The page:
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Kalbarri witnesses the annual migration of Humpback whales from approximately June to November. An estimated 35,000 whales travel along our coastline on their round trip between Antarctica and the warm waters of Camden Sound along the Kimberley Coast.

The north bound migration of the Humpback whale seems to be further off shore, during which time they move along quite quickly but their south bound migration is a slower process and much closer to the coast with whales hanging around and enjoying the warmer waters. As the ocean floor off Kalbarri stays quite deep all the way up to the coastline and with its bays and accessible cliffs it gives visitors a unique advantage of amazing coastal sightings and makes Kalbarri the best place in WA to see Humpback whales.

Baby whales in KalbarriKalbarri whale website low res

We see a lot of mothers and calves, some of the babies are still light grey which means they are very young and have been born in our area. There are two surprising things about whale calves. The first is that they put on about 60kg a day during feeding. The second is that these little fatties go to preschool. Kalbarri is a great place to see these giant water babies at play.

It's boot camp for the calves. In the calm, protected waters the calves learn the life skills needed to make the long journey to the Antarctic.

The mechanics of spy-hopping, tail slapping and breaching are taught and practiced, as well as tail lobbing, flipper slapping and head standing. The calves also learn how to feed and how to utilise the tides and currents. Often we see them taking a ride on mum's back enjoying the wake speed she creates.

Groups of boisterous juvenile males put on great displays with lots of breaching, grunting and chasing each other. Courtship and love are also in the air and we often see groups of males seducing one female trying to get her attention by tail slapping etc...

Whale species spotted around Kalbarri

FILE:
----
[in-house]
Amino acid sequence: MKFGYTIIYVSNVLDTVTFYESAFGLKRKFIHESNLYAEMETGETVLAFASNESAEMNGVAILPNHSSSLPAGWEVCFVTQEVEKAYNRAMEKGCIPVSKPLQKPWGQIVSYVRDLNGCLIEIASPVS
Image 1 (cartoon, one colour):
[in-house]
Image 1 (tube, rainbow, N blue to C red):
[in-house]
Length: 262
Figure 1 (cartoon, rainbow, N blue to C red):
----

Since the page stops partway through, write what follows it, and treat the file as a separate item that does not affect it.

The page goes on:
Other whales seen are Brides whales which are very shy but are a force of nature when popping out of the water snapping up a school of bait! Pods of pilot whales are not uncommon, they swim in deeper water and travel in large groups, sometimes consisting of about 40 animals.

Southern Rights are not as frequent as Humpbacks but do visit us, often hanging out in the shallows feeding their babies. These whales are notorious for their inactivity and will 'log' (rest) on the surface of the water for hours, doing absolutely nothing giving people standing on the shore amazing photo opportunities.

The Humpback whales and dolphins have a close affinity and are regularly seen travelling together. Some days, our coastline is like an episode of National Geographic.

 

Interesting Humpback facts

 

      Length: Adults – 14m to 18m

 

      Calves – 4m to 5m at birth

 

      Weight: Adults – up to 50 tonnes

 

      Calves – 2 tonnes at birth

 

      Cruising speed: 7km/hr

 

      Protected since 1965

 

      Individual humpbacks can be identified by markings under their tail and flippers

 

      The spread of its jaw is over 4 metres

 

      Sings the longest, most complex songs in the animal kingdom

 

      Humpbacks have the most diverse feeding techniques of all Baleen Whales - they scream when hunting fish to scare and confuse them

 

      You can distinguish the humpback whale from other whale species by its small dorsal fin that you see sticking out of the water when the whale arches its back to dive and this is how the humpback got its name

      The humpback whale is a favourite with whale watchers in Kalbarri due to its spectacular display of acrobatic tricks. It is not uncommon to see a breach, where the whale leaps right out of the water, rolls in the air with its huge fins outstretched like wings and then crashes back into the water.